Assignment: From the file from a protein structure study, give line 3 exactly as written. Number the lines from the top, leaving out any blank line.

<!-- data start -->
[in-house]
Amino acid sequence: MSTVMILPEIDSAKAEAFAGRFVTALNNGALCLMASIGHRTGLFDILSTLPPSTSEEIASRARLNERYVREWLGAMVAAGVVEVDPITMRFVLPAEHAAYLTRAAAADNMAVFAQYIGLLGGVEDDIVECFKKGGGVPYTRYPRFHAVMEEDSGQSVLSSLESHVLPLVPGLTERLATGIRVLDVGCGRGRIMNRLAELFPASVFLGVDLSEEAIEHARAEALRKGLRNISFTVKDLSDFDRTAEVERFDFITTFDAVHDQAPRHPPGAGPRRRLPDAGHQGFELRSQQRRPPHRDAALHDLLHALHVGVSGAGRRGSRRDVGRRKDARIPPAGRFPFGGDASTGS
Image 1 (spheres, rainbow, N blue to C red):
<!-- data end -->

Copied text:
Image 1 (spheres, rainbow, N blue to C red):